The Dormant Season of Our Spiritual Lives

Our modern sensibilities are often repulsed by the absence of God and seasons of loss and struggle. But, the writers of scripture seemed to be much more familiar with seasons of pain. The Psalms are full of examples of lament and downtrodden moments. Psalm 88 reads like a personal diary entry from a patient with clinical depression:

I am overwhelmed with troubles 

and my life draws near to death

…I am confined and I cannot escape

My eyes are dim with grief

Last week I discussed that there is often a pattern to our spiritual growth. That there is fast, rapid growth followed by slower sustained growth and even a time of dryness or dormancy where no growth is happening. I expressed that it would be helpful to think of our spiritual lives like a tree that has to go through all of the seasons in order to thrive and bloom and flourish. But do we really have to go through a winter season in our spiritual lives? How can we receive a benefit from a season of no growth?

Personally, I have experienced a time recently where nothing seemed to go right, where loss was at every turn and my prayers seemed ignored and discarded like trash. Last May, I wrote these words, “I don’t understand what he(God) is doing and most importantly the way he is doing it and the timing of his work seems to be more twisted and cruel than fulfilling. I know I am not being objective but to have good things snatched from me over and over has left me jaded, timid, and less of a risk taker. “

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The thing is, this time of darkness, like winter, is a necessity. Trees need the deadness of winter in order to be ready for the blossoming of spring and the expanded growth of summer. Our spiritual lives need dormancy in order to grow one thing – faith. 

When else are we going to grow our faith (confidence) in God. Not in seasons of great growth. As Mark Buchanan says, “As delightful, as fertile, as the summertime of the heart is, it is almost useless for growing faith. It may produce a bounty of joy, vast crops of thanksgiving. But not faith….” 

This kind of faith is absolutely essential to our life with God. If we have not built up this kind of faith then any whim or mood or poor circumstance will throw us off course and tempt us to turn our back on God.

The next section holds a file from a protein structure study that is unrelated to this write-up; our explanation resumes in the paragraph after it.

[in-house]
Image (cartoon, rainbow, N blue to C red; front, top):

Winter is the best time for faith building because there may not be anything around us that points to the miraculous, the transcendent, or the divine. Yet, we go on praying, we keep reading our Bibles, we wait, we start to recognize that the character and presence of God is so great and transforming that we trust that he knows what he is doing, even as we languish in struggle and pain. 

Somehow, during that time of loss and darkness last May, I held onto enough faith to write this, “My disappointment hasn’t turned to worship and joy and I am fighting off the words of Satan that wants me to turn my back on God and think all of the worst lies about myself. I want to see Jesus and the miracle of his resurrection for myself. Though I am frustrated, I believe that my desperation mixed with God’s desire to show up will result in something glorious.” 

I realize now that I had discovered a strengthening of faith that I could have never received unless I had gone through the darkness and the pain. God was unseen and less than active, at least from my perspective, but I was trusting him anyway. That is faith and that can only happen in times of winter.

If you are going through your own time of dormancy you have my sympathies. Just wait, keep praying, believe the promises of God. Growth is coming and it will be even greater because you have built up your faith in the darkest times.

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